One special note regarding this month’s IE advisory: In August 2014, Microsoft announced the end-of-life for Internet Explorer versions older than IE 11 that would take effect today. As a result, this month’s bulletin will be the final one for affected versions. After today, “only the most recent version of Internet Explorer available for a supported operating system will receive technical support and security updates.” As such, there are exceptions to the end-of-life announcement with those being Windows Vista SP2 (IE9), Windows Server 2008 SP2 (IE9), and Windows Server 2012(IE 10). For more information on the IE end-of-life, please refer to Microsoft’s documentation here:
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Tags: ASLR bypass, Microsoft, patch tuesday, remote code execution, Talos, vulnerabilities
This Post was Authored by Nick Biasini, with contributions by Joel Esler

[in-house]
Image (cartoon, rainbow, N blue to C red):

Exploit Kits are one of the biggest threats that affects users, both inside and outside the enterprise, as it indiscriminately compromises simply by visiting a web site, delivering a malicious payload. One of the challenges with exploit kits is at any given time there are numerous kits active on the Internet. RIG is one of these exploit kits that is always around delivering malicious payloads to unsuspecting users. RIG first appeared in our telemetry back in November of 2013, back then we referred to it as Goon, today it’s known as RIG.
We started focusing on RIG and found some interesting data similar to what we found while analyzing Angler. This post will discuss RIG, findings in the data, and what actions were taken as a result.
The Exploit Kit Overview
RIG compromises users like any exploit kit. It starts with a user being redirected to a landing page. This is done via malicious iframes or malvertising and looks similar the following:
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Tags: RIG EK, Talos, Threat Research